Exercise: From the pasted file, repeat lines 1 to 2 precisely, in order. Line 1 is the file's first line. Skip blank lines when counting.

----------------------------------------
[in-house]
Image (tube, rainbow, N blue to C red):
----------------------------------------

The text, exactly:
[in-house]
Image (tube, rainbow, N blue to C red):